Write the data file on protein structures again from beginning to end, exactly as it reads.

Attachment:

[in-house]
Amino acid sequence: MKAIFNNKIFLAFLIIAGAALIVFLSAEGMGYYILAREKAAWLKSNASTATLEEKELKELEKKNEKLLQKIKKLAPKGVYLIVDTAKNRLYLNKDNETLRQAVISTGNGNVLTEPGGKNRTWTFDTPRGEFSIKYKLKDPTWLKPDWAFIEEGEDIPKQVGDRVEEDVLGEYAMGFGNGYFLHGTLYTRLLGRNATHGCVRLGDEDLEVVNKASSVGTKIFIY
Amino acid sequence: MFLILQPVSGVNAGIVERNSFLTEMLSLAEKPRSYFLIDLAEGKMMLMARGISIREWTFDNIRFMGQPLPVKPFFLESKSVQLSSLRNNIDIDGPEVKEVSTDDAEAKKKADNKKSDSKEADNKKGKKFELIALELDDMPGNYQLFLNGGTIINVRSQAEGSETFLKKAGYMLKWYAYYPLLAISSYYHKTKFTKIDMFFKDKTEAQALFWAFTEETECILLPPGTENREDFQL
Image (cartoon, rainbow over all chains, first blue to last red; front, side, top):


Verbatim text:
[in-house]
Amino acid sequence: MKAIFNNKIFLAFLIIAGAALIVFLSAEGMGYYILAREKAAWLKSNASTATLEEKELKELEKKNEKLLQKIKKLAPKGVYLIVDTAKNRLYLNKDNETLRQAVISTGNGNVLTEPGGKNRTWTFDTPRGEFSIKYKLKDPTWLKPDWAFIEEGEDIPKQVGDRVEEDVLGEYAMGFGNGYFLHGTLYTRLLGRNATHGCVRLGDEDLEVVNKASSVGTKIFIY
Amino acid sequence: MFLILQPVSGVNAGIVERNSFLTEMLSLAEKPRSYFLIDLAEGKMMLMARGISIREWTFDNIRFMGQPLPVKPFFLESKSVQLSSLRNNIDIDGPEVKEVSTDDAEAKKKADNKKSDSKEADNKKGKKFELIALELDDMPGNYQLFLNGGTIINVRSQAEGSETFLKKAGYMLKWYAYYPLLAISSYYHKTKFTKIDMFFKDKTEAQALFWAFTEETECILLPPGTENREDFQL
Image (cartoon, rainbow over all chains, first blue to last red; front, side, top):